Hearing is one of the most extraordinary senses and is a complex process that involves many parts of the ear to convert sound into viable information. The ear consists of three main parts. The outer ear (the external ear and ear canal), the middle ear (the eardrum and three very small bones that make up the ossicular chain: the malleus, incus, and stapes), and the inner ear (the cochlea and the auditory nerve).
Sound begins with a vibration in the atmosphere known as sound waves. These sound waves first enter the outer ear and are directed down the ear canal where the sound vibrates the eardrum. Next the vibration of sound move to the three little bones. After vibrating the three bones the sound finally travels to the inner most part of the ear called the cochlea. The cochlea consists of tiny hair cells and fluid which help process vibrations into information. The thousands of microscopic hair cells are bent by the wave-like action of the fluid inside the cochlea. The bending of these hairs sets off nerve impulses, which are then passed through the auditory nerve to the hearing center of the brain. This center translates the impulses into sounds the brain can recognized, like words, music or laughter, for instance.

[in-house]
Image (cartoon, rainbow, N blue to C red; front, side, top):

If any one of these delicate systems breaks down, hearing loss can be the result.